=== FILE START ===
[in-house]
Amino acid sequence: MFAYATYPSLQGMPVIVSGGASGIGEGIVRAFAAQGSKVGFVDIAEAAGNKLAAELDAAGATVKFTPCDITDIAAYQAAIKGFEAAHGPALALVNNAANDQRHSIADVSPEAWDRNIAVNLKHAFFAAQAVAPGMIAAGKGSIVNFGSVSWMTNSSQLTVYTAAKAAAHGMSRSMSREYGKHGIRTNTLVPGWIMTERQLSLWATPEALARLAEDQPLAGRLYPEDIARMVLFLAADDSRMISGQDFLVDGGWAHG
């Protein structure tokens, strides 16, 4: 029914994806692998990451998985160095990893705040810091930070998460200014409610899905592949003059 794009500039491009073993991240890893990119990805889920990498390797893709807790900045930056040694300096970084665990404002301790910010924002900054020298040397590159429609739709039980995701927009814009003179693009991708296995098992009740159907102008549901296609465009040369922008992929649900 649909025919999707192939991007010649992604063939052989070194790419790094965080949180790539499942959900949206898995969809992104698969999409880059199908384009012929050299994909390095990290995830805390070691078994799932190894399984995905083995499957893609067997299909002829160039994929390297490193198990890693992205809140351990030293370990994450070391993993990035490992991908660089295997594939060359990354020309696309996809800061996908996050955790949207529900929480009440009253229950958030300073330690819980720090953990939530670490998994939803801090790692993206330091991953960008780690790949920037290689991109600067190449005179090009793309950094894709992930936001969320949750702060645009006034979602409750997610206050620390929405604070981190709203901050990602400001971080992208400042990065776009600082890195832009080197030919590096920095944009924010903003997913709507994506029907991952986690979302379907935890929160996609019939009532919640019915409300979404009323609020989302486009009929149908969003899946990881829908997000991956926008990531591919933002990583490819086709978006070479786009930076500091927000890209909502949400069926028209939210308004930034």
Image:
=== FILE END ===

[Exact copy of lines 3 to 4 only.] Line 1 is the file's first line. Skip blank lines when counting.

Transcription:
């Protein structure tokens, strides 16, 4: 029914994806692998990451998985160095990893705040810091930070998460200014409610899905592949003059 794009500039491009073993991240890893990119990805889920990498390797893709807790900045930056040694300096970084665990404002301790910010924002900054020298040397590159429609739709039980995701927009814009003179693009991708296995098992009740159907102008549901296609465009040369922008992929649900 649909025919999707192939991007010649992604063939052989070194790419790094965080949180790539499942959900949206898995969809992104698969999409880059199908384009012929050299994909390095990290995830805390070691078994799932190894399984995905083995499957893609067997299909002829160039994929390297490193198990890693992205809140351990030293370990994450070391993993990035490992991908660089295997594939060359990354020309696309996809800061996908996050955790949207529900929480009440009253229950958030300073330690819980720090953990939530670490998994939803801090790692993206330091991953960008780690790949920037290689991109600067190449005179090009793309950094894709992930936001969320949750702060645009006034979602409750997610206050620390929405604070981190709203901050990602400001971080992208400042990065776009600082890195832009080197030919590096920095944009924010903003997913709507994506029907991952986690979302379907935890929160996609019939009532919640019915409300979404009323609020989302486009009929149908969003899946990881829908997000991956926008990531591919933002990583490819086709978006070479786009930076500091927000890209909502949400069926028209939210308004930034």
Image: